If science fiction is the mythology of modern technology, then its myth is tragic.
Ursula K. Le Guin is a prolific writer, and is most known for her Speculative Fiction
novels, although she has also written poetry, nonfiction, and young adult novels. Her works often explore cultural, sociological, ecological, or feminist themes; anarchism
also occasionally show up subtly (she is probably the best-known Western Taoist and has both written a commentary on and translated the Tao Te Ching
) or, in the case of The Dispossessed
, not so subtly (Anarres is an anarcho-communist society; this is a political book but not an anvilicious
one: the subtitle is An Ambiguous Utopia
, and a central theme of the work is that Anarres has decayed in the years since its founding due in no small part to ideology and bureaucracy replacing revolutionary fervour). Her works have greatly influenced modern Fantasy
and Science Fiction
authors, with systems, words, and ideas from her works showing up so often that some have become tropes in and of themselves. One of these was her coining of the word ansible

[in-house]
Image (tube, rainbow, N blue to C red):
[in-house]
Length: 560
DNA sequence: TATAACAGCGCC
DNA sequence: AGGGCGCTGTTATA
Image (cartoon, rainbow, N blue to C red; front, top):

, which has appeared in numerous scifi works since.
Her Earthsea novels have twice been adapted to visual medium. One is the oft-maligned Sci Fi Channel
and the other is the Studio Ghibli
film Tales from Earthsea.
Le Guin has made no secret of the fact that she is not particularly fond of either adaptation
though she was rather more charitable towards Studio Ghibli. She was herself very keen on a planned adaptation of the first Earthsea book with director Michael Powell
(of The Red Shoes
and Black Narcissus
fame) a screenplay of which was previously published, and regretted that it never received funding.
Her story "The Word for World is Forest" was included in Harlan Ellison
's anthology Again, Dangerous Visions
Her works include, but are not limited to: